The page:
26. True landslides involve movement along ___ ___ ___.
    ...defined slippage planes.
  27. Define the differences between rockfall and rockslide.
    • Rockfall is a freefall of fragment ranging from a single grain to a huge block. Rockfalls make up most of the talus slopes. 
    • Rockslide is rapid movement of a large block of rock along a bedding plane, joint or plane of structural weakness.
  28. What caused the disaster at the Vaiont Dam in Italy?
    Rockslides.
  29. Describe slumps and how you might recognize one.
    A mass-movment "block" that leaves a distinct curved (spoon-shaped) incision.
  30. What is the most common cause of subaqueous slumps?
    By wave erosion.
  31. Where will be found some of the largest oceanic slumps in the Pacific?
    Largest slumps usually occur in alongside oceanic, volcanic islands.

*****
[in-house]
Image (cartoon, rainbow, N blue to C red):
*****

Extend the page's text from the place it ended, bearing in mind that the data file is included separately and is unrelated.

32. Where will be found some for the largest oceanic slumps in the Atlantic?
    Hawaii
  33. How do we define an avalanche?
    A large flowing mass of ice, snow and sometimes rock, that can reach speeds of 350 mph.
  34. What happens to the snow within an avalanche when it stops?
    When the movement stops, the ice instantly freezes into a rock-hard, solid mass.
  35. Why are drain pipes used with mass movement control methods?
    To prevent water-pressure buildup.
  36. Why are woven rock baskets useful for mass movement control methods?
    To prevent mass movement.
  37. Explain use of roof bolts and netting for mass movement control.
    Roof bolts with "wire netting" over an exposure of loose rocks (long bolts drilled into the rocks that holds the wire fending).